In the last week Nearshore Americas has learned that Nicolo Gligo, the well known and well liked Executive Director, USA, of InvestChile-CORFO will soon surrender his position and return back home to Chile from his current based in Southern California. Gligo, who placed in the top twenty in our 2010 Power Rankings, and one of the most skilled export promotion executives in the Nearshoring industry, intends to launch a consultancy.
The departure of Gligo seems to come at a time when CORFO is at a low ebb in terms of its visibility in the US market. There is increasing belief that CORFO was a more formidable organization in the US in previous years – and during the last two years there is some evidence of indecision and a lack of a more cohesive go-to-market strategy.
Criticism of trade/export promotion groups may seem to be a popular sport as of late, with remarks made at last week’s Nearshore Nexus conference that countries have to step up their commitments to further educate US investors and customers and help break down misconceptions about Latin America. But, in regard to the situation with CORFO, there seems to be a common industry belief that the organization is simply not reaching its full potential. Chile has a remarkably attractive business climate for US businesses. Jon Stamell, CEO at FutureShift, a consultancy who has had business alliances with Chile for more than two decades, says the following:
We have to be aware that Chile is a work in progress. On my first trip there in 1986, I saw tanks and soldiers in the streets and when looking down the avenues, saw buses with long vertical tailpipes belching black smoke into the air. Now, we see one of the most peaceful, democratic countries in the world with incredible architecture and modern infrastructure. CORFO and other institutions have played a positive role in this transition. I think one of our frustrations is that those of us who have been involved with the country and these marketing campaigns want so much more for Chile and believe that its potential is far greater than what has been achieved today.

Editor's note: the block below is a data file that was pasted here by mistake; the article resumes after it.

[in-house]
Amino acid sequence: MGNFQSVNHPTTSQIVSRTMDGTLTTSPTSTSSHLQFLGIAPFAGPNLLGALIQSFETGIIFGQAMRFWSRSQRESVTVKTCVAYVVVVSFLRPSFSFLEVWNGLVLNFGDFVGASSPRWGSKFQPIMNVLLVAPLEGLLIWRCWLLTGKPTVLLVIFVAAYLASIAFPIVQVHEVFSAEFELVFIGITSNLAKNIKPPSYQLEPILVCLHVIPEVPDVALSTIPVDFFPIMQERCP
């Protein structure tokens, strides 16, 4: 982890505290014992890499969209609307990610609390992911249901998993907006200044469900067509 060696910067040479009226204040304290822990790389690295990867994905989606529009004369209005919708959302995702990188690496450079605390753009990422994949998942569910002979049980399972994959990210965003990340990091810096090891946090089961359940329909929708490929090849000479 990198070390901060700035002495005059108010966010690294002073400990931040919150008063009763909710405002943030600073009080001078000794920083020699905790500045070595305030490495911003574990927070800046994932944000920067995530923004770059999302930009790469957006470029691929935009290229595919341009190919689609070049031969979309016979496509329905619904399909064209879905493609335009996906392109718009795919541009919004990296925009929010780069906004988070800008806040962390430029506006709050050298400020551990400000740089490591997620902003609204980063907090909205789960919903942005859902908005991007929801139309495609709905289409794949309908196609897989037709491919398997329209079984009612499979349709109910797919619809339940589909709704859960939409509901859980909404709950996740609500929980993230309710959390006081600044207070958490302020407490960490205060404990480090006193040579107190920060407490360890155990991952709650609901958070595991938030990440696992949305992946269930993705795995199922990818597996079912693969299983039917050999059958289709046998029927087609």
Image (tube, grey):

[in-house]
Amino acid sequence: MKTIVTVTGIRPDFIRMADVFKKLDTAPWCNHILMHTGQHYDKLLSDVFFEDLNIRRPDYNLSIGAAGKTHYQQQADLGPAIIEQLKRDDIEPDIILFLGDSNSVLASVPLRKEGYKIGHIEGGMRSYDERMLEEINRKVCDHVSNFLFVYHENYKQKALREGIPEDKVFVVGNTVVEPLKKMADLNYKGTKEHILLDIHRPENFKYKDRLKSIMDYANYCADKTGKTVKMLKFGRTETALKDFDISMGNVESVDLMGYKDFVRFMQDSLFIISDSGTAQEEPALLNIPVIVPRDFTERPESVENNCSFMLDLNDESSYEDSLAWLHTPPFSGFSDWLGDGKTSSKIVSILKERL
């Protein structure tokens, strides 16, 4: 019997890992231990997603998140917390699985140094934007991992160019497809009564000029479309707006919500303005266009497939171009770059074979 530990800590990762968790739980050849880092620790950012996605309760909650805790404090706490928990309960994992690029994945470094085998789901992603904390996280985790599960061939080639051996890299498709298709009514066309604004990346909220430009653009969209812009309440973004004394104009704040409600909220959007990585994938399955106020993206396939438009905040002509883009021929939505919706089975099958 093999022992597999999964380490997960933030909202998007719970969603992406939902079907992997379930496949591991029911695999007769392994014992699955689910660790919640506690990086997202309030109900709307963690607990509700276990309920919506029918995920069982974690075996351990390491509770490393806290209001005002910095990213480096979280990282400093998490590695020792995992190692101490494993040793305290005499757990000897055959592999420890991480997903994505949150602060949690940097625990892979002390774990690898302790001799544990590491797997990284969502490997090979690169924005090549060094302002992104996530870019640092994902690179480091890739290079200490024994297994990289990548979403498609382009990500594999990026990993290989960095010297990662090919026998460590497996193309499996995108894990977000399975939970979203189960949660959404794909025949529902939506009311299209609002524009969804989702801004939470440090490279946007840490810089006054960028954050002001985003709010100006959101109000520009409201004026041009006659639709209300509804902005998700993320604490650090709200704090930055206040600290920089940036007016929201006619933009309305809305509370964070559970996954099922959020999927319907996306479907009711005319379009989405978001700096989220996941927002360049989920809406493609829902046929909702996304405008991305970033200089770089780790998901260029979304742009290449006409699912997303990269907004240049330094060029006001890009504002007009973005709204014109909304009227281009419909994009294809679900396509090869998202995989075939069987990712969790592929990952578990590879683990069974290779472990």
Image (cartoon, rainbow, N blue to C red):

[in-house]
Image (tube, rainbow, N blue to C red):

The sense that Chile is stuck in ‘neutral’ could not come at a worse time for the larger Nearshore sourcing industry. Chile has one of the most compelling stories of any Nearshore destination and that positive image can have a nice spill over effect on lending further validation to the industry as a whole. In a striking piece of irony, while Chile may have all the attributes as being ‘number one’ in the Nearshore market, the capacity for its leadership to be exceedingly humble is well known. “The country has tremendous strengths and is very special in many ways as are its people. But we don’t know about this unless we’re told why… it’s not typically Chilean to boast about your country, company or people so this doesn’t come easily,” says Stamell.
Organizations like CORFO also are changing but the question is whether they’ll have to reverse course again when the next government comes along in two years.
Like many democratically run nations in the Americas, Chile is blessed or cursed, depending on how you look at it, with integrating politicians into the fabric of the country’s bureaucracy every four years. Sometimes you get lucky and the new political appointees understanding the finer points of export promotion – while other times these folks, often from the private sector, have an insular viewpoint and struggle to embrace the idea of sustain, long term promotional efforts outside the country borders.
On this point, Stamell says:
The real problems in Chile are institutional: Presidents only serve one four year term limiting consistency in policy and administration; more development and protection of intellectual property, while moving along, is needed; and, risk and failure are discouraged to a point where entrepreneurship is difficult and limited. Changes in these institutional ways of governing are what are going to make a real difference. They are making progress and businesses are in a very different environment than they were only a few years ago. Organizations like CORFO also are changing but the question is whether they’ll have to reverse course again when the next government comes along in two years.
What will Chile do next with one of the most important trade groups in the region? Chile is capable of producing an organization that breaks out of its timidity and shifts beyond the safety of resting in neutral. In this case, Chile’s IT service and sourcing markets, as strong as they have been, do not speak for themselves. They need a consistent and vocal advocate that is courageous and aggressive. Is that too tall an order for such a magnificent country?